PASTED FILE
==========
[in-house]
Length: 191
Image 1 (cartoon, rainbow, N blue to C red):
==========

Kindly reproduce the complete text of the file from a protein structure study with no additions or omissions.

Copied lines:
[in-house]
Length: 191
Image 1 (cartoon, rainbow, N blue to C red):